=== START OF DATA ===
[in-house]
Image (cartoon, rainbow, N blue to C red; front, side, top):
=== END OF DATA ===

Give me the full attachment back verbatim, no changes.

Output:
[in-house]
Image (cartoon, rainbow, N blue to C red; front, side, top):